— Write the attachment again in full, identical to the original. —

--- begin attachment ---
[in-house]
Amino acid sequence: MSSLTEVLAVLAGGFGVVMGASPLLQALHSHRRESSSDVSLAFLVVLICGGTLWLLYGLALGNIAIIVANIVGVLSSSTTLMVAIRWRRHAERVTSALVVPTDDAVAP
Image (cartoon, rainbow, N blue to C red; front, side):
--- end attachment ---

[in-house]
Amino acid sequence: MSSLTEVLAVLAGGFGVVMGASPLLQALHSHRRESSSDVSLAFLVVLICGGTLWLLYGLALGNIAIIVANIVGVLSSSTTLMVAIRWRRHAERVTSALVVPTDDAVAP
Image (cartoon, rainbow, N blue to C red; front, side):